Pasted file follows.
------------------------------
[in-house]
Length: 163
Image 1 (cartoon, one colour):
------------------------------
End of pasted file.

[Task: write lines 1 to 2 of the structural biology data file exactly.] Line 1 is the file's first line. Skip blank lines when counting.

[in-house]
Length: 163